Ryan Bourne is Chair in Public Understanding of Economics at the Cato Institute.
Want an example of economic fatalism? Just read reactions to Liz Truss criticising the Bank of England’s inflation performance.
Truss suggested that rocketing prices necessitates reviewing the Bank’s mandate and learning from countries that haven’t endured double-digit inflation despite global supply-shocks. Shrill commentators react with knee-jerk horror, as if this must mean politicians setting interest rates, sacrificing the Bank’s independence and (heaven forfend) risking monetary credibility. Yes, the current regime might have delivered 9.4 percent inflation and rising, but why hope to do better? To question the Bank is to undermine it!
This is silly, of course. Credibility is earned. For the Old Lady, some soul-searching is necessary. With politicians talking about having to raise taxes to curb inflation, something has gone badly wrong. Whether it’s the Bank’s forecasting models, the 2 percent inflation target, or the tools used to hit it, the alleged advantages of central bank independence haven’t materialised. Autonomy promised to insulate us from wishful forecasts and allow the Monetary Policy Committee (MPC) to take away the punchbowl before the party got out-of-hand. It didn’t this time, on either count.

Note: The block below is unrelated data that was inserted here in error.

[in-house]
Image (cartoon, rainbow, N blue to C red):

Team Truss doesn’t have all the answers, but good on them for asking questions. An intriguing staffer’s quote specifically implied she wanted to investigate changing the Bank’s mandate from inflation targeting to a nominal GDP level target. This is something I’m convinced would be an improvement, but one unlikely to satisfy the Bank’s most hawkish critics.
Right now, the Bank has a 2 percent inflation target. When a demand-shock raises aggregate spending and so prices, the Bank should tighten monetary conditions to offset this and keep inflation at bay. So far, so uncontroversial. The difficulty comes when a negative supply-shock such as an oil price surge or a major war disrupts supply-chains and raises costs. If the Bank is strictly targeting inflation, it should similarly tighten policy against this one-off price uplift, so that other non-oil prices fall, keeping annual inflation at bay.
In a world where some money wages are sticky (i.e. not fully flexible downwards), squeezing aggregate demand through tighter money on top of the worsened supply would reduce employment and output sharply. Pure inflation targeting therefore makes output more volatile when supply-shocks occur. The same is true inversely: if a new technology causes productivity to boom, lowering prices, then an inflation-targeting central bank must try to push the price level back up, eroding the consumer benefits of lower prices and exacerbating the business output cycle.
Central bankers are aware of this problem. The Bank’s remit even allows it to give “due consideration to output volatility.” When instances like the Ukraine war hit, the practical consequence is that we essentially abandon inflation targeting, with the Bank instead trying to parse supply-shocks from demand-shocks. They’ve proven poor at doing so arbitrarily, keeping demand policy too loose even accounting for supply problems.